Emotion regulation processes in adolescent non-suicidal self-injury (NSSI): the roles of cognitive reapprasal, expressive suppression, and rumination
thesisposted on 23.02.2017 by Voon, David Ta Wai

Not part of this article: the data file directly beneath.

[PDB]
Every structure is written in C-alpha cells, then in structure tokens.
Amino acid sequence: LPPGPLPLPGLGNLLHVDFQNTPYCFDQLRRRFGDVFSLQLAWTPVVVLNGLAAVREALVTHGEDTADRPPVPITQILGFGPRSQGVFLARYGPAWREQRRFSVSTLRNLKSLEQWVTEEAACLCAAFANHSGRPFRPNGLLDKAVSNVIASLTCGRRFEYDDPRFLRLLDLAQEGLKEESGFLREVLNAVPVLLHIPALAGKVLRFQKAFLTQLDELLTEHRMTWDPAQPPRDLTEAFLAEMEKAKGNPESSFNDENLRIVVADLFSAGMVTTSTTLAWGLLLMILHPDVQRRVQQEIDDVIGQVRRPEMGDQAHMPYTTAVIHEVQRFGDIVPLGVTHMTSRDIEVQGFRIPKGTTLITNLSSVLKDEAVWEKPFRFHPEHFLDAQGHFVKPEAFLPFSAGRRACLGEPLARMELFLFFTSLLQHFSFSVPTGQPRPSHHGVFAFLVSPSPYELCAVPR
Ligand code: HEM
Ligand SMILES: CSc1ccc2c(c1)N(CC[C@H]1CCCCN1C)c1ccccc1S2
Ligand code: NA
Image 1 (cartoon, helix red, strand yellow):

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Poor emotion regulation has been implicated in the occurrence of non-suicidal self-injury (NSSI), yet how this affects adolescent self-injury is not well understood, particularly in light of changes in emotion regulation during adolescence. The set of three empirical studies reported in this thesis aimed broadly to examine the roles of three emotion regulation processes (cognitive reappraisal, expressive suppression and rumination) in NSSI among adolescents. Together, these studies investigated how the emotion regulation processes of interest were related to NSSI, and in particular, to its onset and on-going severity as assessed by frequency, duration and medical seriousness of methods used. Method: Data from 3,143 predominantly female high school students (aged 12-18 years), recruited from Australian secondary schools, were analysed. Of these, 555 indicated they had a history of NSSI. Mean age of onset ranged from 12-14 years, with most participants reporting they had engaged in NSSI in the twelve months preceding data collection. Reported frequency of NSSI ranged from one to 300 times. Cutting and hitting oneself were the most common forms of NSSI although a range of methods and multiple methods were reported. Results: Adolescents who engaged in NSSI were more likely, compared to their non-self-injuring peers, to use emotion regulation processes which tend to heighten negative emotional states (i.e. expressive suppression and rumination) rather than those which can potentially reduce these emotions (i.e. cognitive reappraisal). Nonsignificant differences in the trajectories of these processes across the study period suggest similar developmental patterns between groups. However, self-injurers were more likely to have experienced more adverse life events. Taken together, these findings suggest adolescents who self-injure are more vulnerable and less prepared to respond effectively to the emotional challenges they experience. This observation is especially pertinent in NSSI onset where acute life stressors increased risk of engaging in NSSI for the first time (but were not related to NSSI severity) and echoes the general consensus that adolescent self-injury is associated with deficits in emotion-focused coping and difficulties with emotion regulation when faced with adversity. A hypothesised model that specified the relationships between adverse life events, psychological distress and NSSI were each moderated by the emotion regulation processes of interest was only minimally supported. While this indicated direct effects were more pertinent, only cognitive reappraisal emerged as a significant predictor of future NSSI. Reappraisal was protective of first episode NSSI occurring 12-months from baseline but not at 24-months. Increasing use of cognitive reappraisal was also related to decreasing NSSI severity (i.e. frequency, duration, medical severity) over a two-year period. Findings on the contribution of reappraisal in NSSI onset and its escalation over time hint at the influence of developmental changes in these relationships. Conclusion: Results emphasised different processes are implicated in engaging in NSSI for the first time, and in the overall severity of the behaviour. Adolescents may engage in NSSI as a response to emotional distress, however behavioural contingencies are likely more relevant in the maintenance and escalation of the behaviour. In both instances, addressing adolescents’ appraisals of stressful situations and life events, including the meanings they attribute to them, is likely to be beneficial. Implications for interventions addressing adolescent NSSI across the spectrum of prevention and treatment are discussed.